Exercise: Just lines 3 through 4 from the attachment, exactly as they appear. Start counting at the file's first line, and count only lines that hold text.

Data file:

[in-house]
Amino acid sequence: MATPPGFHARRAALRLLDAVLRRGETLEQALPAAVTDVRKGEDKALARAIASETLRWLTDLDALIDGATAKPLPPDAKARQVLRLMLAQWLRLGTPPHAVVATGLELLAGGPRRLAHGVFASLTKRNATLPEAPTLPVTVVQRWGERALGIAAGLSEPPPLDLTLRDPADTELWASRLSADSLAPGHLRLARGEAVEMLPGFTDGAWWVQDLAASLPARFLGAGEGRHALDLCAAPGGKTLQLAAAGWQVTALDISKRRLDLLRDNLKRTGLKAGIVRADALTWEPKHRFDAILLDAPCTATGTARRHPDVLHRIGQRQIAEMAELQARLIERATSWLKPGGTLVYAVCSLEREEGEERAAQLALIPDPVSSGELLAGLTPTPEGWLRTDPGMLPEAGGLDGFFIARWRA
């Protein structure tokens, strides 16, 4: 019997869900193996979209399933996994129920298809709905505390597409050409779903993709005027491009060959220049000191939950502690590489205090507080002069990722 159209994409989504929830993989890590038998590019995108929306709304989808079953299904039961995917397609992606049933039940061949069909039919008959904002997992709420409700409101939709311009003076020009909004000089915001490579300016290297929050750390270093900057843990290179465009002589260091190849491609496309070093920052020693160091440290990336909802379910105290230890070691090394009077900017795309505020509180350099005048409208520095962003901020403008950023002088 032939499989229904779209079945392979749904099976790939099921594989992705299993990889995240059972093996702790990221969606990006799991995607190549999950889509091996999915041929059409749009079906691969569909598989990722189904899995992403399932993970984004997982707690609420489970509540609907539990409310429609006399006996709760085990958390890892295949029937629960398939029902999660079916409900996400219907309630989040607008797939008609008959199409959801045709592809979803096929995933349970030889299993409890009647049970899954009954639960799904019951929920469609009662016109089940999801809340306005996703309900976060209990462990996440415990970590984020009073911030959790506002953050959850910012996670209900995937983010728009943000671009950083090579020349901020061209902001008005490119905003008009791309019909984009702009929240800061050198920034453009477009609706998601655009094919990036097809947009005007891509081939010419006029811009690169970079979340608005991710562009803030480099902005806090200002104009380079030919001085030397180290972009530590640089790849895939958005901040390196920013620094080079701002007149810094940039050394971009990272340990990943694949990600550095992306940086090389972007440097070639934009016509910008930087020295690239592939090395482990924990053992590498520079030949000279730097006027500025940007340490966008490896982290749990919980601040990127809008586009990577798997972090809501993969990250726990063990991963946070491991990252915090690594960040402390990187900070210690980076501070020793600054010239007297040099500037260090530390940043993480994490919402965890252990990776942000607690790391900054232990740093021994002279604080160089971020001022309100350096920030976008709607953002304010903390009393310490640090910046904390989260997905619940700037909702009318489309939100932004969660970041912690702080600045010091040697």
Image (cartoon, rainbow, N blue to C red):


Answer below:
């Protein structure tokens, strides 16, 4: 019997869900193996979209399933996994129920298809709905505390597409050409779903993709005027491009060959220049000191939950502690590489205090507080002069990722 159209994409989504929830993989890590038998590019995108929306709304989808079953299904039961995917397609992606049933039940061949069909039919008959904002997992709420409700409101939709311009003076020009909004000089915001490579300016290297929050750390270093900057843990290179465009002589260091190849491609496309070093920052020693160091440290990336909802379910105290230890070691090394009077900017795309505020509180350099005048409208520095962003901020403008950023002088 032939499989229904779209079945392979749904099976790939099921594989992705299993990889995240059972093996702790990221969606990006799991995607190549999950889509091996999915041929059409749009079906691969569909598989990722189904899995992403399932993970984004997982707690609420489970509540609907539990409310429609006399006996709760085990958390890892295949029937629960398939029902999660079916409900996400219907309630989040607008797939008609008959199409959801045709592809979803096929995933349970030889299993409890009647049970899954009954639960799904019951929920469609009662016109089940999801809340306005996703309900976060209990462990996440415990970590984020009073911030959790506002953050959850910012996670209900995937983010728009943000671009950083090579020349901020061209902001008005490119905003008009791309019909984009702009929240800061050198920034453009477009609706998601655009094919990036097809947009005007891509081939010419006029811009690169970079979340608005991710562009803030480099902005806090200002104009380079030919001085030397180290972009530590640089790849895939958005901040390196920013620094080079701002007149810094940039050394971009990272340990990943694949990600550095992306940086090389972007440097070639934009016509910008930087020295690239592939090395482990924990053992590498520079030949000279730097006027500025940007340490966008490896982290749990919980601040990127809008586009990577798997972090809501993969990250726990063990991963946070491991990252915090690594960040402390990187900070210690980076501070020793600054010239007297040099500037260090530390940043993480994490919402965890252990990776942000607690790391900054232990740093021994002279604080160089971020001022309100350096920030976008709607953002304010903390009393310490640090910046904390989260997905619940700037909702009318489309939100932004969660970041912690702080600045010091040697």
Image (cartoon, rainbow, N blue to C red):